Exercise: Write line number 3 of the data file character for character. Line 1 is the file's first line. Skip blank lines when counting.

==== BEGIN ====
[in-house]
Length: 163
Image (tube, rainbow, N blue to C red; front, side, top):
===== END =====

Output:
Image (tube, rainbow, N blue to C red; front, side, top):